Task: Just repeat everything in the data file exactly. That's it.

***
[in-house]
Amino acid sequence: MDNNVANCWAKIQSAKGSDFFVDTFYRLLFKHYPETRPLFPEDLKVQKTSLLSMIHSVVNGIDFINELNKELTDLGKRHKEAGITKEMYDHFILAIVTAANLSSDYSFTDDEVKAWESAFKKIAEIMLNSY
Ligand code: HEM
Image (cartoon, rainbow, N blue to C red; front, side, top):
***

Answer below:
[in-house]
Amino acid sequence: MDNNVANCWAKIQSAKGSDFFVDTFYRLLFKHYPETRPLFPEDLKVQKTSLLSMIHSVVNGIDFINELNKELTDLGKRHKEAGITKEMYDHFILAIVTAANLSSDYSFTDDEVKAWESAFKKIAEIMLNSY
Ligand code: HEM
Image (cartoon, rainbow, N blue to C red; front, side, top):